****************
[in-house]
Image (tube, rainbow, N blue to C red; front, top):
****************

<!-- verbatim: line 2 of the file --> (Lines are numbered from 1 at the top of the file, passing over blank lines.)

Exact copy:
Image (tube, rainbow, N blue to C red; front, top):